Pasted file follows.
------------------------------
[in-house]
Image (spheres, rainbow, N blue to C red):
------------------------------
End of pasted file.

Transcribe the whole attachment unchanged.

[in-house]
Image (spheres, rainbow, N blue to C red):